5. ‘…it helps to be heard’ – even if only by ourselves. When those painful feelings arise, or some sense of undifferentiated discontent, my first ‘reaction’ is to raid the fridge or whatever else is at hand. I sometimes know I’m hungry for something that it is not a physical hunger for food. Sometimes not –

    Thanks Elaine for this powerful post. It calls attention to paying careful attention to any wounding of mine from times past, which can get triggered by an unkind or thoughtless comment from somebody, who has no connection to the original dynamic. When I reflect on it later, I realise the need to mother myself and show myself compassion and thereby to the original ‘dynamic’.

    • Thank you, Susan. There are so many ways to mother ourselves–I have to remind myself each time I’m unhappy and head for the kitchen–and many don’t involve actual eating. I can nurture my soul by sniffing magnolia flowers (now in full bloom after having snow three mornings ago) and peeking at bluebird eggs. Often when I’m caught in emotional eating, I try to talk myself out of it in a rational way. The nutritionist in me wants to sort this behavior out. It rarely goes well. That little voice stomps her feet and says, “You don’t love me. You just want to shut me up.” Her wrath and neediness don’t go away, but I’m doing my best to remember and engage.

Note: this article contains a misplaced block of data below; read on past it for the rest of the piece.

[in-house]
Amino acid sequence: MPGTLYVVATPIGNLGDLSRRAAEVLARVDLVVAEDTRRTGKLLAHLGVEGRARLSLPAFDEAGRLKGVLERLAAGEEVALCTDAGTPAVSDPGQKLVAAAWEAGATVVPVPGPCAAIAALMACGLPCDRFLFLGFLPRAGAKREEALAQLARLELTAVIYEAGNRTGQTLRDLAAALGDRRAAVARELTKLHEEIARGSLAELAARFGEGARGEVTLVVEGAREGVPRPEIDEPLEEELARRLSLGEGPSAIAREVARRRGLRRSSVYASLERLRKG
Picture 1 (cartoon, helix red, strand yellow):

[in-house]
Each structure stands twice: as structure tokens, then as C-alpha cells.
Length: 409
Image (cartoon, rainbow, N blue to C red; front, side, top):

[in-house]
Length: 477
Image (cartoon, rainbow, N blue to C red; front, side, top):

6. I love you Elaine. I love you for your feelings, for what you write, for your truth telling, for helping me feel through your writing, for bring my friend through the hard times. I am crying now reading your words. Thank you!! THIS IS ANOTHER GORGEOUS PIECE. You inspire me.
    MUCH LOVE TO YOU AND 14 ELAINE. and all the other Elain’e too

    • Oh dear Lori, you know. Thank you for big beautiful words and for sharing your tears and feelings. What a comfort it is for me to have a friend who hears me and has shared similar hard losses. Much love to you, too, Lori–all of you in all your tender honesty and caring,in laughter and in tears.